I didn’t want our time to end. Their faces beaming with the determination to be the first grains of sand on the beach of peace will forever be etched in my life. Just as they determined at that time, they have been steadily expanding their network of friendship for peace and happiness.

• • •

Sidney Poitier, a pioneering Bahamian-American actor, was raised in the Bahamas by parents who grew and sold tomatoes and other produce. The great actor once said, “No matter how poor or how difficult one’s life, only those who boldly fight against difficulty and never give up no matter how painful things may become, are able to know the true joys of life and become victors.”[4]

Everyone is the protagonist of their life. When we make the place we are now the stage of our mission, we come to play the starring roles in our own lives. In order to live this way, we must make the sun of courage rise in our hearts and face each obstacle as another challenge in the drama of life.

In Japan, I have visited various islands and had many discussions with individuals who, while undergoing indescribable hardships, have striven to contribute to the development of their communities. I often encourage them by saying: “When the sun rises, the earth is illuminated. Similarly, when a single person stands up to live with a sense of mission, they can spread the light of happiness and joy throughout their community.”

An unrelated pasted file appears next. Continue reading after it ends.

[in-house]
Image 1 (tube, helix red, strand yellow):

In a sense, an island is like a nation. Therefore, transforming these places into “victorious islands” of harmony and prosperity will serve as sources of hope for changing an entire country as well as the world at large. With pride and deep affection for our islands, we can carry out dramas of victory in our lives by dedicating ourselves to the development and happiness of our island communities.